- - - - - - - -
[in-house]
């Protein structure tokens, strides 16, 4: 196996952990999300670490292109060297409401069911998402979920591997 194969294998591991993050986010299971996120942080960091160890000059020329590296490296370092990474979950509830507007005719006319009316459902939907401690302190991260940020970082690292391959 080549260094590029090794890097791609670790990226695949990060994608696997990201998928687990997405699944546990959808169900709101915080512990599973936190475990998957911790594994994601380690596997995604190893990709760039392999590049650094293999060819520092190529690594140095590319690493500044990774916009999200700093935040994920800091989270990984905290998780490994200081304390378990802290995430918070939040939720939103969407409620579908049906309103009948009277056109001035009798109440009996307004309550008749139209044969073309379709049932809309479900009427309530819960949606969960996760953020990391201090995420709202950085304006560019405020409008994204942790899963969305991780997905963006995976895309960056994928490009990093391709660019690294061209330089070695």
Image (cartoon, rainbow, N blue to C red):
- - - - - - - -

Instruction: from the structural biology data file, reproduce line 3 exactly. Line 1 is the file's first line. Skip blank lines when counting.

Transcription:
Image (cartoon, rainbow, N blue to C red):